J&J's Alex Gorsky reverses course and jumps ship — just as Trump scuttles top CEO groups
One day after J&J CEO Alex Gorsky publicly committed to staying on President Donald Trump’s manufacturing council, he abruptly reversed course — just as a sudden exodus of executives forced the president’s hand and pushed him to disband two prominent advisory committees.
J&J announced Wednesday afternoon that the president’s position on the deadly Charlottesville confrontation was unacceptable, adding that Gorsky was resigning with immediate effect. But as J&J was putting out their statement, Trump issued his on Twitter.
Rather than putting pressure on the businesspeople of the Manufacturing Council & Strategy & Policy Forum, I am ending both. Thank you all!
— Donald J. Trump (@realDonaldTrump) August 16, 2017
Gorsky had no sooner told the world on Tuesday that he wasn’t following Ken Frazier’s decision to resign from the manufacturing council than Trump called a press conference and vehemently insisted that both sides of the violent and deadly confrontation in Charlottesville, VA — the neo-Nazis, KKK and others as well as the protesters who came out to oppose their demonstration — were equally to blame.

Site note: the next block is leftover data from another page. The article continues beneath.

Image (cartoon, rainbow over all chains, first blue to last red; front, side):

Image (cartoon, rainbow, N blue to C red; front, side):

Equating the two, while also noting that the right-wing extremists had a legal permit for their demonstration, led to a political earthquake in Washington DC which is still rumbling through the capitol.
Gorsky wasn’t endorsing the president’s position when he announced his plans to stay on the manufacturing council. That decision to stay on, he said in a prepared statement, was influenced by his desire to maintain the company’s ethical credo within a senior White House circle.
Trump’s decision to end the economic advisory group came only after the CEOs involved got together and voted to disband.
The sudden upheaval could well complicate things for biopharma at a ticklish time.
J&J has also been lobbying, along with the rest of the industry, for tax reform legislation that would lower rates on repatriating money from overseas accounts. And no one in a top leadership position at any of the pharma companies would have enjoyed Trump’s recent move to start calling out the industry for high drug prices or their overseas manufacturing operations, which resurfaced after Ken Frazier got the ball rolling on Monday as political support for the president crumbled in executive suites from coast-to-coast.
Who can represent those interests effectively in the White House now that some of the most prominent execs in the business won’t come within a mile of the White House?